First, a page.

Thank you College Kickstart!

PS — Class of 2026 is also known as the high school Class of 2022

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Are You Putting Too Much Pressure on Your Child During the College Admission Process?

Are You Putting Too Much Pressure on Your Child During the College Admission Process?

Intense achievement pressure, particularly in affluent communities, can generate high levels of stress, anxiety, and/or depression in young people. We are sharing this from MCC, and hope you give it a read!

The questions and short quiz created by the team at Making Caring Common can help parents and caregivers (and even counselors like us!) be alert to red flags that they may be putting too much pressure on their student in the college admissions process.

College Admissions Red Flags: Quiz and questions for consideration

  1. During dinner conversations, do you often talk about your child’s grades and college applications, forgetting to ask your child what they find interesting and fun about school?

  2. When you meet with or contact your child’s teacher, do you ask primarily about grades and test scores? Do grades and test scores tend to crowd out discussions of whether your child seems to be enjoying school, is a good friend to others, and contributes to the classroom?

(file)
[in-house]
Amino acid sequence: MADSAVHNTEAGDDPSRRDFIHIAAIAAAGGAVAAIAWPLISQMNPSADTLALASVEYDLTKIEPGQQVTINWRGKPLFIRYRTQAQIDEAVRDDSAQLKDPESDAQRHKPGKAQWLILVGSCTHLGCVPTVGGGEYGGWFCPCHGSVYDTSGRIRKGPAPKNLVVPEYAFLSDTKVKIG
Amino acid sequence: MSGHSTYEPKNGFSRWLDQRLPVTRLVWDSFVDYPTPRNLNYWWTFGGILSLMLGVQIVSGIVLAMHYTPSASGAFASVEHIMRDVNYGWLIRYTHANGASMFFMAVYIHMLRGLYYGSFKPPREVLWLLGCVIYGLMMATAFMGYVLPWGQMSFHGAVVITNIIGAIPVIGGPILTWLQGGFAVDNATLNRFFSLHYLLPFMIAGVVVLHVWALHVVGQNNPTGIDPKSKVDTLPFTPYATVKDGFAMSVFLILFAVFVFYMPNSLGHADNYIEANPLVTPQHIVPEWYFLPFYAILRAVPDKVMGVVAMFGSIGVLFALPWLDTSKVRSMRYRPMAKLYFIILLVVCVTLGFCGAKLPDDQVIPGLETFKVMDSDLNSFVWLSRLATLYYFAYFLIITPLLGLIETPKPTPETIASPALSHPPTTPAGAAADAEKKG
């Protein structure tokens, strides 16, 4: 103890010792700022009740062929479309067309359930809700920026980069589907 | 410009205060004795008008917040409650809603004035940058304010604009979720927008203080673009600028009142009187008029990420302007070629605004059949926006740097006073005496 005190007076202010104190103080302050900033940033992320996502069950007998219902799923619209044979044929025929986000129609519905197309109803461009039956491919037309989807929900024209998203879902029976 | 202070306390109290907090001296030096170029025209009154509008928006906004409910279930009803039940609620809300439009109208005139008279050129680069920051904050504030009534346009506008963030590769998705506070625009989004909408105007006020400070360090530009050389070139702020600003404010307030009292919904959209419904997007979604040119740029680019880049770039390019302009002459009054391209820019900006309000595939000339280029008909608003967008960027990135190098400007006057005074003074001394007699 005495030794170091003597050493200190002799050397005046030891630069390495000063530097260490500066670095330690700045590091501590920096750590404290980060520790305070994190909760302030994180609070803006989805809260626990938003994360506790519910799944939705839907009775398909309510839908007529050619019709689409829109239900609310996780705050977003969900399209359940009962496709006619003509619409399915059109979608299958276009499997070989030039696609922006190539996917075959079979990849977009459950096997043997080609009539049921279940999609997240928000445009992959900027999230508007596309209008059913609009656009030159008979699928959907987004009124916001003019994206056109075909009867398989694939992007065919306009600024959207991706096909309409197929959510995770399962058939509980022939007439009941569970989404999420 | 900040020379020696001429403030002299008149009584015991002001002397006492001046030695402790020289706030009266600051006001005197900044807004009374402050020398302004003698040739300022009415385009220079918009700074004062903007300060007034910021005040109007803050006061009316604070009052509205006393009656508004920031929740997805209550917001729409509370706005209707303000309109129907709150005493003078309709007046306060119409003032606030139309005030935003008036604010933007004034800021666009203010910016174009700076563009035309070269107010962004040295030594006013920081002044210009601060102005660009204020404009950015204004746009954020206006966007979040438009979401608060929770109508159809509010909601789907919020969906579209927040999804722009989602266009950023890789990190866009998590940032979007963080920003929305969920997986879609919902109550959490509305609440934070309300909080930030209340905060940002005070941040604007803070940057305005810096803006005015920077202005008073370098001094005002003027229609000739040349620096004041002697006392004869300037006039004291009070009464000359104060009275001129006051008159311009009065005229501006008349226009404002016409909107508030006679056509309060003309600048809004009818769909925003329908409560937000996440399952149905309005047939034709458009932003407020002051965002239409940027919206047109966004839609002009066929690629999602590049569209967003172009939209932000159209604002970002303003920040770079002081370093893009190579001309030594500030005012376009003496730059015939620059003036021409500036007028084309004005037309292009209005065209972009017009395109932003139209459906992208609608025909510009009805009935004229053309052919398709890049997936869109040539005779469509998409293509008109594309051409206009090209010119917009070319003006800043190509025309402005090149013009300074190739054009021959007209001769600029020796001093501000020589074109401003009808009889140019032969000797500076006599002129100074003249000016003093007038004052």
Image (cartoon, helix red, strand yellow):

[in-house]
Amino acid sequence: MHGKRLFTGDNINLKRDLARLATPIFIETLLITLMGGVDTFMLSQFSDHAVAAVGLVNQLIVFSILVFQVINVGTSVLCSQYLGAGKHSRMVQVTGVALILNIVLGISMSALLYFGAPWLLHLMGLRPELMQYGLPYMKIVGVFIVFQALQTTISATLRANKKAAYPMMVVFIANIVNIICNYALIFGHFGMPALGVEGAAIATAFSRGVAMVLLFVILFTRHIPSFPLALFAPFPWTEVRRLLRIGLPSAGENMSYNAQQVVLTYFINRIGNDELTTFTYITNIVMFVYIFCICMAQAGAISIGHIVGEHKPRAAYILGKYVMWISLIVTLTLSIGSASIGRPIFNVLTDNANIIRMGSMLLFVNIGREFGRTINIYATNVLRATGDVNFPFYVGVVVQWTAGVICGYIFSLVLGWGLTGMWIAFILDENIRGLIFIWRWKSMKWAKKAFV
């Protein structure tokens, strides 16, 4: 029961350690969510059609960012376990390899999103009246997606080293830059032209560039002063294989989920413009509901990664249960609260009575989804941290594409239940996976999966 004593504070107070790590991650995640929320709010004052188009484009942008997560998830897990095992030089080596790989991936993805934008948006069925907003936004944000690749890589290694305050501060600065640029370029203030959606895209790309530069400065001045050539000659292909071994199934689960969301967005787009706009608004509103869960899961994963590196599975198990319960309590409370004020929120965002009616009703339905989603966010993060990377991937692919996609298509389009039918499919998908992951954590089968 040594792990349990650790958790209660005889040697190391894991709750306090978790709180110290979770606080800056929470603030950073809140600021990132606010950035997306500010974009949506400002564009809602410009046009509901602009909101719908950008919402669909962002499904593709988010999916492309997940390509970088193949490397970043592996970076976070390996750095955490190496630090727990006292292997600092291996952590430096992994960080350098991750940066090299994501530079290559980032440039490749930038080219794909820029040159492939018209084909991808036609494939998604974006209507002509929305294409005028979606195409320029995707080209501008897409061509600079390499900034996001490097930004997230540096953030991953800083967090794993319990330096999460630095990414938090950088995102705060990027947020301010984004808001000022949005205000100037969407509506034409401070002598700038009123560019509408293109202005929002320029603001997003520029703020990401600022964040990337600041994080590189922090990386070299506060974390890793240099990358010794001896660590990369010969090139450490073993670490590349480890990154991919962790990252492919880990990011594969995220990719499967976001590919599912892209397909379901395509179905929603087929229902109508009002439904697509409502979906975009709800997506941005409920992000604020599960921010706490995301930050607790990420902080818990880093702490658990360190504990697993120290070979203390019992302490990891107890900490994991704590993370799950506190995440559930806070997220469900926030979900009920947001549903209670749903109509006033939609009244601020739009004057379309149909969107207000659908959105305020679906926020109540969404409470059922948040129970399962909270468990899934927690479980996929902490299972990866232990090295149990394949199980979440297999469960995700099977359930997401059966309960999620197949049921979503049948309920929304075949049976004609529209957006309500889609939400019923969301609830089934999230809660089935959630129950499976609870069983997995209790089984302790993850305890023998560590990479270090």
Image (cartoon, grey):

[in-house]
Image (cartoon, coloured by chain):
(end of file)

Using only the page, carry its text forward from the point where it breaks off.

3. Do you email or call your child’s teacher about assignments or grades more than once a month, even when your child is not having any problems (e.g., trouble completing homework, absence due to illness, etc.)?

  4. Does your child sometimes not eat or sleep well because he or she is worried about not performing at a high level in school?

  5. Do you press your child to take certain courses or participate in extracurricular activities in which they have little interest, or which are stressful for them, for the sake of college applications?

  6. Do you encourage your child to do certain community service projects that they are not interested in because you think these projects will be helpful for their college application?

  7. Do you sometimes allow your child to exaggerate or lie about the extent of their community service because it will help them get into a selective college?

  8. Do you ever encourage your child to apply to selective high schools or colleges based on prestige or commercial rankings, such as the U.S. News & World Report ranking, without considering whether the school is a good fit for your child’s personality and interests?